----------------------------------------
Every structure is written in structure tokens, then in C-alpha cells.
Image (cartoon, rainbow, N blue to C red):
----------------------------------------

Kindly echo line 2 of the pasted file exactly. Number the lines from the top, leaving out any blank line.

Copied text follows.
Image (cartoon, rainbow, N blue to C red):